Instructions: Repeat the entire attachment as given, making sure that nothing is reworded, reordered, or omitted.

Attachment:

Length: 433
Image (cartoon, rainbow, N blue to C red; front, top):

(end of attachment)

Length: 433
Image (cartoon, rainbow, N blue to C red; front, top):